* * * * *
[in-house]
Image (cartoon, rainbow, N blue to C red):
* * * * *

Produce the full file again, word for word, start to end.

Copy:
[in-house]
Image (cartoon, rainbow, N blue to C red):